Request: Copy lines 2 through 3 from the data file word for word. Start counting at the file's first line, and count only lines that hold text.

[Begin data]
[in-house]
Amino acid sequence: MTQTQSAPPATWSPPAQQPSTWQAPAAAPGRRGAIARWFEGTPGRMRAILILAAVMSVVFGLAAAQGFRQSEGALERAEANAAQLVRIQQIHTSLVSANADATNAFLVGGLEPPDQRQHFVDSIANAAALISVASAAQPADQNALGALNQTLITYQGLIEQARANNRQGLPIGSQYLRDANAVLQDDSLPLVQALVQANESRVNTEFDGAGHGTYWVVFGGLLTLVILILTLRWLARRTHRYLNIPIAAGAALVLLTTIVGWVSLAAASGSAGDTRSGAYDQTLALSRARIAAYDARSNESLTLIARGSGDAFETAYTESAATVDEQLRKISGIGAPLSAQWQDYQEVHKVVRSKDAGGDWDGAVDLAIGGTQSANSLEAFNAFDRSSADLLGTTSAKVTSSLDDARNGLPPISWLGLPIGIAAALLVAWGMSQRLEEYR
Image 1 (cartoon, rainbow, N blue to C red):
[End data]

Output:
Amino acid sequence: MTQTQSAPPATWSPPAQQPSTWQAPAAAPGRRGAIARWFEGTPGRMRAILILAAVMSVVFGLAAAQGFRQSEGALERAEANAAQLVRIQQIHTSLVSANADATNAFLVGGLEPPDQRQHFVDSIANAAALISVASAAQPADQNALGALNQTLITYQGLIEQARANNRQGLPIGSQYLRDANAVLQDDSLPLVQALVQANESRVNTEFDGAGHGTYWVVFGGLLTLVILILTLRWLARRTHRYLNIPIAAGAALVLLTTIVGWVSLAAASGSAGDTRSGAYDQTLALSRARIAAYDARSNESLTLIARGSGDAFETAYTESAATVDEQLRKISGIGAPLSAQWQDYQEVHKVVRSKDAGGDWDGAVDLAIGGTQSANSLEAFNAFDRSSADLLGTTSAKVTSSLDDARNGLPPISWLGLPIGIAAALLVAWGMSQRLEEYR
Image 1 (cartoon, rainbow, N blue to C red):